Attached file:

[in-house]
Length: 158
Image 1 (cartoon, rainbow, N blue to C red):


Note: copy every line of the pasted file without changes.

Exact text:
[in-house]
Length: 158
Image 1 (cartoon, rainbow, N blue to C red):